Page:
Skeletons of 17 crewmembers still aboard. Subs utilized in region to cut supplies from Asia to Britain
Indonesian divers have discovered the wreck of a WW2 Nazi U-boat, with 17 skeletons of its crew still aboard. A tip-off from local divers led a team to the wreck, located 100km northeast of Karimunjawa Island off Java. Initial research concluded the sub to be a U-168, a hunter-killer of the German 'Kriegsmarine' that claimed several Allied vessels before being sunk by torpedoes in 1944. Numerous artifacts were also recovered including dinner plates bearing swastikas, batteries, binoculars and a bottle of hair oil.
“This is the first time we have found a foreign submarine from the war in our waters,” said Bambang Budi Utomo, head of the research team at the National Archaeology Centre that found the vessel. “This is an extraordinary find that will certainly provide useful information about what took place in the Java Sea during World War II.” However, he said it was unlikely to be raised due to its sheer size and the cost involved.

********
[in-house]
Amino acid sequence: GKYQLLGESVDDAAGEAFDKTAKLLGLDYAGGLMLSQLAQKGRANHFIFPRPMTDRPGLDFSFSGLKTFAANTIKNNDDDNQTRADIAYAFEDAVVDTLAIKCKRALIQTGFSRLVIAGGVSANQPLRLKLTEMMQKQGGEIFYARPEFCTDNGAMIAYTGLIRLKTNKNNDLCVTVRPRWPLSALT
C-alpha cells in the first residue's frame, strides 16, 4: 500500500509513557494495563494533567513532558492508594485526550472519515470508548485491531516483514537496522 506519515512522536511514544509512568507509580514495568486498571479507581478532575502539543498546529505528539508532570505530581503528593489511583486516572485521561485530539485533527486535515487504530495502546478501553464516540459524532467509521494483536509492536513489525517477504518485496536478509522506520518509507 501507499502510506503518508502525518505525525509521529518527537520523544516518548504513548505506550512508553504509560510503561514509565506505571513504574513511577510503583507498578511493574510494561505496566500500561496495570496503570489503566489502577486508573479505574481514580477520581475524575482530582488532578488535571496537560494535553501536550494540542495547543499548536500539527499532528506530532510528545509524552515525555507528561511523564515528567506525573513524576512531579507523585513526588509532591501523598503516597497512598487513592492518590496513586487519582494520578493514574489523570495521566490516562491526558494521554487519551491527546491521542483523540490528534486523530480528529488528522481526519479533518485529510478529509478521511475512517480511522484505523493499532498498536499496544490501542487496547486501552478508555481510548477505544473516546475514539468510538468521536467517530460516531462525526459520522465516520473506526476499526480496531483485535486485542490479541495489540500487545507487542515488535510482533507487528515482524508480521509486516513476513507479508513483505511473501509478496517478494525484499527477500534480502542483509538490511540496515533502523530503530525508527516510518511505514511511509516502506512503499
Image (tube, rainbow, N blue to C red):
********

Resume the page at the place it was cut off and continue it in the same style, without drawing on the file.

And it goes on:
This is an extraordinary find that will certainly provide useful information about what took place in the Java Sea during World War II.
—Bambang Budi Utomo, National Archaeology Centre
Commanded by Captain Helmuth Pich, it sunk three Allied vessels in three missions; one British, one Norwegian and one Greek freighter. Coming under fire from Dutch submarine HrMs Zwaardvisch on October 6, 1944, it was lost around 1.30 AM with 23 German submariners aboard. Captain Pich survived, along with 26 other crew hands.
The sub was a type IX C/40 launched in March 1942. Monsun U-Boats operated out of the Dutch East Indies, Jakarta and Sabang between 1943 and 1945. The subs were utilized in the region to cut supplies from Asia to Britain by attacking allied ships along trade routes. Japan occupied Indonesia during World War II, which was then known by its colonial name of the Dutch East Indies.